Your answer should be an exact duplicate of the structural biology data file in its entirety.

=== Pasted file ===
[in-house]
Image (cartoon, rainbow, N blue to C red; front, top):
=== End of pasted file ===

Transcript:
[in-house]
Image (cartoon, rainbow, N blue to C red; front, top):